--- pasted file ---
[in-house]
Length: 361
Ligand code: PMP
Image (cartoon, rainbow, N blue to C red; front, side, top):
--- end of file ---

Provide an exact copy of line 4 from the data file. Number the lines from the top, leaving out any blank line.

Image (cartoon, rainbow, N blue to C red; front, side, top):